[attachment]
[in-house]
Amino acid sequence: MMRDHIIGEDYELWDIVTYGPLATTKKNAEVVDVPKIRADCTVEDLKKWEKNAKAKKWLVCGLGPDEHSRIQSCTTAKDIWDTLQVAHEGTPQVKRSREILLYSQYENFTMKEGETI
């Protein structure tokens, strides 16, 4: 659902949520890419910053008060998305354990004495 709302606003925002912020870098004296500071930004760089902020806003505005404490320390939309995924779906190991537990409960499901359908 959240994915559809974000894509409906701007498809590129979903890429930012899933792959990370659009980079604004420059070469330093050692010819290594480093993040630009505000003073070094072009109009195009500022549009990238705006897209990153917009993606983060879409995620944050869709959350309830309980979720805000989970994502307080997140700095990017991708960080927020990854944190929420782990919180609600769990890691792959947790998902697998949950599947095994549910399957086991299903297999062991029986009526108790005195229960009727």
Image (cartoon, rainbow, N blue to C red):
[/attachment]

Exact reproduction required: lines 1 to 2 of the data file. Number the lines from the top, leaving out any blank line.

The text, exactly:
[in-house]
Amino acid sequence: MMRDHIIGEDYELWDIVTYGPLATTKKNAEVVDVPKIRADCTVEDLKKWEKNAKAKKWLVCGLGPDEHSRIQSCTTAKDIWDTLQVAHEGTPQVKRSREILLYSQYENFTMKEGETI